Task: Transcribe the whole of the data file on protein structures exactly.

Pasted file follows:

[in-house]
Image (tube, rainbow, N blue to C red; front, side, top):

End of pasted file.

[in-house]
Image (tube, rainbow, N blue to C red; front, side, top):